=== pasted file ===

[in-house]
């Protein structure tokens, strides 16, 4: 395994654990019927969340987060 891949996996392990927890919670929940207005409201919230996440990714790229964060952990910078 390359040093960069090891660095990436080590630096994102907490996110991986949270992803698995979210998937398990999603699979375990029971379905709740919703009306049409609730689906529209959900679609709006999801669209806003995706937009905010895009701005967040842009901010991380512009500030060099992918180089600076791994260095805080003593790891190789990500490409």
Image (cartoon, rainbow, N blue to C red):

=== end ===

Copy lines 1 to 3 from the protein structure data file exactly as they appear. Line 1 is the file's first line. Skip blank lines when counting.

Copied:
[in-house]
């Protein structure tokens, strides 16, 4: 395994654990019927969340987060 891949996996392990927890919670929940207005409201919230996440990714790229964060952990910078 390359040093960069090891660095990436080590630096994102907490996110991986949270992803698995979210998937398990999603699979375990029971379905709740919703009306049409609730689906529209959900679609709006999801669209806003995706937009905010895009701005967040842009901010991380512009500030060099992918180089600076791994260095805080003593790891190789990500490409």
Image (cartoon, rainbow, N blue to C red):